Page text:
Playable Worlds’ Raph Koster on the player-driven economies at the heart of virtual worlds


Playable Worlds’ Raph Koster is back with another blog post that serves as a tip-off for what kind of MMORPG he and his team are building. And once again, if you’ve ever played a Koster MMO, you know what “E” word is going to be at the heart of it: economy. But Koster hammers over and over that the important part of the player economy in an MMO isn’t actually the money at all but the players driving it.

To explain why, he invokes his own “trust spectrum” research, suggesting that people move up and down a ladder of trust and intimacy levels based on relationships – even relationships between strangers and acquaintances that are built on the exchange of currency.

“This often all gets boiled down to the phrase ‘a player-driven economy.’ And people think it means revenue models and monetization. Maybe, if they are savvier about online worlds, they think it means players make the items that other players play with – and that’s true, they can and do and should! But even that is still a reductionist way to think of it. A player-driven economy isn’t about the money. It’s about having every way to play the game serve a role in the ecosystem. It’s about all the wonderful and weird ways we choose to live and play, and how we find out that our silly hobbies are vital necessities to someone else. In the end, it’s about making everyone important. Because we all are. Important. Plumbers, baristas, roleplayers and raiders.”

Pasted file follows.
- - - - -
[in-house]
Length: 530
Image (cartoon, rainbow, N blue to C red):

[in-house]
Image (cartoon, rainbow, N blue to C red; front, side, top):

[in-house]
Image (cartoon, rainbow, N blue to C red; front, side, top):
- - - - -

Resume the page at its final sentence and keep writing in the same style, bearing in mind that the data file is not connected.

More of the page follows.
The piece also suggests that the game will raise up “the players who make the world come alive” like the strategy guide writers, the roleplayers, the explorers, the streamers, the crafters, the entertainers, the decorators, the fixers, the builders, and even the guild leaders, unlike most MMORPGs that cater strictly to, well, murderhobos. One thing this game is not going to be? A gankbox. “[W]e’re not interested in building a ‘gankbox,’ as some call it,” he says. (It’s us. We’re some.)

Finally, while it’s basically impossible to read (Koster, you tease), there’s a “map of the economy of the game,” which at minimum suggests this game is going to be a lot more than just your typical MMO grinder.

Further reading:

More coverage of Koster's writing and games
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